Current Design Considerations
Publication Date: 2012-Jul-18
The IP.com Prior Art Database
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A REVIEW OF CURRENT DESIGN CONSIDERATIONS
THE 9TH INTERNATIONAL LNG/LPG CONFERENCE
PARIS - OCT 5-8 1982
C. COLLINS & W.M. VENTHAM M.W. KELLOGG LTD., LONDON
D.B. CRAWFORD & S.E. HANDMAN M.W. KELLOGG, HOUSTON
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The storage of liquid natural gas has now become accepted worldwide as an efficien~ means of providing a concentrated source of e~ergy.
Design ,requirements have become more stringent in recent years due to political pressures and the need to improve the safety of these
installations as more operating experience is obtained.
This paper is intended to present an overview of current design
considerations for large LNG storage systems associated with base load LNG plants and LNG receiving terminals.
2.0 STORAGE TANKS
Development of LNG storage tank designs has been influenced by recent experience with incidents associated with liquid hydrocarbon storage tanks; for example, the Qatar LPG tank failure and the Staten Island LNG tank a~cident. Economic considerations, whilst important are still strongly affected by safety considerations. Political and logistic aspects will also affect the selection of a tank syst~ for any particular installation. These points have generally resulted in increased conservatism and hence increased capital investment for LNG storage systems.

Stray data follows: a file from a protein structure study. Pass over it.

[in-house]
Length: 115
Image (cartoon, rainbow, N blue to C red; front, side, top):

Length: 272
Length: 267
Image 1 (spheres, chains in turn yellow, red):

2.2 Alternate tank, designs
The following briefly describes the main }ypes of tank which have been used for LNG storage. (See also Ref. 1, 2, 3).
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Cylindrical Above Ground Tanks
double wall cylindrical metallic tank with bund. Inner tank capable of containing LNG. Outer wall (carbon steel) for containing the tank insulation and as a vapOur barrier. External low bund wall for containing liquid in the event of leaks.
double wall cylindrical metallic tank surrounded by concrete wall. As above, but with a protecting concrete wall capable of holding tank contents in event of failure of inner tank and outer carbon steel wall.
double wall cylindrical tank with metallic inner container suitable for LNG and concrete outer shell. Concrete outer wall suitable for containing LNG in the event of failure of metallic inner tank.
double wall cylindrical concrete tank. Both inner and outer walls are constructed in concrete. Both walls have carbon steel liners to act as vapour barriers.
single wall cy!indri'cal concrete tank with metal membrane. The inside of the concrete wall is lined with a layer of rigid
insulation. A metallic membrane which acts as the LNG container is fitted to the insulating layer.
Small spherical single wall LNG storage tanks have been used on peak shaving installations and for LNG storage on-board ships. Larger spherical tank designs have recently been proposed for base load LNG plants (Ref. 4).
A number of buried concrete tanks with the tank roof located at grade have been built in Japan. A few tanks have been built at ground level surrounded by a full...